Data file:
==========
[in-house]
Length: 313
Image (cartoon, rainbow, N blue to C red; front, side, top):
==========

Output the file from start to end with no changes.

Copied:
[in-house]
Length: 313
Image (cartoon, rainbow, N blue to C red; front, side, top):